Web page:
A trap of our modern culture

Yes agree on what you say! Schools practice for the future, but the practicing is only in relation to a skill. A skill that we contribute to society for physical means. Such as practicing how to build how house, fix a car, do electrical wiring etc. Perfection is required for the physical. Physical is all about geometry and form.

But outside of physical, such as emotional. mental aspects of who we are as humans, the schooling system fails, since being perfect does not apply. As there is no such thing as being perfect in those aspects.

So the term “practice makes perfect” is archaic or a failed old phase that tries to conceptualize all of what it means to be a human. Only really applies to one minor aspect.

“but nobody’s perfect so why practice?”

Yes, we need to remove the crippling idea of trying to always be perfect in comparison to someone else. And practice for the fun of it. Learn a skill or similar, simply to explore life. Practice for enjoyment

More practice you will got more experience

the more we practice the more experience we get. so the main purpose of practicing is so that we gain experience. remember that experience is much more important than the education we get from school

Practice doesn't make 'Perfect', it makes 'Better'.

Schools don’t practice for the future, they train for learning, now and in the future. Practice doesn’t make perfect, but it makes better. Nobody is perfect, but many are better learners than others. Those who learn better usually achieve more in the future. That’s why school (learning how to learn) is worthwhile.

I found this problem actually shows up in music

The trick in that case is to practice at very slow speeds where you can do closer to perfect, and then work on speeding things up. Another real life variant is to break down the difficult tasks into multiple different components which you may be able actually practice perfectly. For instance, practice drumming, but at first just practice your feet. Then just your left hand, then just your right, and slowly work on combining them.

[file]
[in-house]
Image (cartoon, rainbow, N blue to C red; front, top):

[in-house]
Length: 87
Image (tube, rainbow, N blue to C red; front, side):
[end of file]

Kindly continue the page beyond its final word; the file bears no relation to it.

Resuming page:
The reason the question interests me enough to answer is that my first day of piano lessons my teacher explained that she can never be world class because she didn’t practice properly as a kid, and now she is stuck with muscle memory habbits that are suboptimal and very difficult to retrain. Kind of fascinating.


I don’t know where I’m going from here, but I promise it won’t be boring.

Wrong question

Practice does not make perfect. The phrase should be “practice makes permanent”. Humans are creatures of habit, and we hone our skills and talents through repetition and rehearsal.

There is another saying that it takes 10000 hours of practice to become an expert. This is closer to the truth since mastering anything worthwhile usually takes a supreme amount of effort - discounting any gifted individuals, who are born with innate predispositions for highly desirable skills. But imagine spending those 10000 hours learning the wrong thing, or the right thing done in the wrong way: not only would you become highly efficient at doing something badly, you would also have to “unlearn” what you already knew in order even to begin improving.

So, I would summarise by saying that practice does not make perfect, but it will make permanent. In which case, you had better make sure you spend your time wisely when learning something new.

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